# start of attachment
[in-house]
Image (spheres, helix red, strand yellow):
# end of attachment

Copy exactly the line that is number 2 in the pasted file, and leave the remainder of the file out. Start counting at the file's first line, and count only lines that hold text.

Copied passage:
Image (spheres, helix red, strand yellow):